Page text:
burgh, on the leth of August 1778. Mr C. Grant “ had known his la- In the month of October, *1786, he enmented friend before he had distin- tered the high school of that city; and guished himself so much as he had having remained at this seminary for subsequently done, and could not be six years, during the four first of which silent when such an opportunity oc- he was the pupil of Mr Nicol, and the curred of paying a tribute to his me- two last of the celebrated Dr Adam, mory. Whatever difference of opinion he passed on to the university in Oca they might have on public questions, tober 1792. In November 1795, he he could suspend that difference to was placed under the care of the Rev. admire his talents, his worth, and his Mr Hewlett in London, with whom virtues. It was not his talents alone he lived, and who superintended his that were developed in his eloquence. education for a period of two years. His eloquence displayed his heart: He then returned to Edinburgh, and through it were seen his high-minded applied himself to the study of the law, probity, his philanthropy, his benevo- and passed advocate in the year 1800. lence, and all those qualities which Soon after, he took up his residence in not only exacted applause, but excited London, with the view of preparing love. It was the mind that appeared himself for the English bar. `In 1806, in speeches that gave them character. he was appointed by the East India He would not enter into the account Company one of the commissioners of his private life, although his private for the liquidation of the debts of the virtues were at least on a level with Nabob of Arcot; but resigned this his public merits. Amid all the cares laborious situation in little more than and interests of public life, he never two years, finding that the duties lost his relish for domestic society, or which it imposed on him were incomhis attachment to his family. The patible with the application due to his last time that he (Mr G.) conversed professional pursuits. In October 1806, with him, he was anticipating with he was returned Member of Parliapleasure the arrival of a season of lei- ment for St Ives. The following year, sure, when he could spend a short he was elected Member for Wendover, time in the bosom of his family, and and was called to the English bar. amid the endearments of his friends. In 1813, he was chosen to represent When he looked at his public or pri- the borough of St Mawes in the prevate conduct, his virtues, or his ta- sent parliament. lents, he would be allowed to have The disease which proved fatal to earned applause to which few other Mr Horner was an induration and men ever entitled themselves." contraction of the lungs; a malady,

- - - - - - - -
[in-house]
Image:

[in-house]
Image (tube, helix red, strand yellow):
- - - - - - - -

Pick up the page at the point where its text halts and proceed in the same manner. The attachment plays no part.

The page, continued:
Lord LASCELLES “hoped to be ex- the existence of which is not marked cused for adding a few words to what by any decided symptom, and which had been said, though he had not the is wholly beyond the reach of medihonour of a private acquaintance with cal aid. He died at Pisa on the sth of Mr Horner, whom he knew only in February 1817, aged thirty-eight years this House, where they had almost and six months, and was interred in the uniformly voted on opposite sides on Protestant burying-ground at Leghorn.